Walter Mosley was born on January 12, 1952, in Los Angeles, California. His father LeRoy, a school custodian, was an African-American from the deep South, and his mother Ella, a school personnel clerk, was a white woman of Jewish descent whose family emigrated from Eastern Europe. This unique African-American/ Jewish heritage made prejudice a major topic in the household. An only child, Mosley grew up hearing about the woes of life for African-Americans in the South, as well as the horrors of anti-Semitism across the Atlantic.
After earning a bachelor's degree at Johnson State College in 1977, Mosley drifted for a number of years in various jobs, even working as a potter and caterer. He and his white Jewish girlfriend Joy Kellman, a dancer and choreographer, moved to New York City in 1982 and were married in 1987. Mosley settled down into a career as a computer programmer in the 1980s, but his work left him unfulfilled. He became a full-time writer in 1986.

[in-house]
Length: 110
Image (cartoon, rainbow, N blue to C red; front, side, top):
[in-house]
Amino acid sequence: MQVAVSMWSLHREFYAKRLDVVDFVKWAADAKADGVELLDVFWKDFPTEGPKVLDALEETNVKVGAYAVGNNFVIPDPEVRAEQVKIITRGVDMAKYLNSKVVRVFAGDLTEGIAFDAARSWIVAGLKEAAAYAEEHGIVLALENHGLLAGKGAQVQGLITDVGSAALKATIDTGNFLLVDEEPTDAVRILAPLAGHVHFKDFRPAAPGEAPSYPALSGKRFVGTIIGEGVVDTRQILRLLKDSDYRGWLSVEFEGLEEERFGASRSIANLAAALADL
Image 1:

Mosley is the author of fourteen books and several other publications and his work has been translated into twenty-one languages. (The German title of Mosley’s novel RL’s Dream is “Mississippi Blues“ – a rather good translation since the German-speaking audience might not be familiar with the abbreviation RL and Robert Johnson’s music). Walter Mosley is best known for the “Easy Rawlins” mystery series, beginning with Devil in a Blue Dress in 1990. However, Mosley considers himself not so much a mystery writer but a novelist whose work includes mysteries. In 1995, W.W. Norton published Mosley’s blues novel RL’s Dream to critical acclaim. It was a finalist for the NAACP Award in Fiction and won the 1996 Black Caucus of the American Library Association’s Literary Award.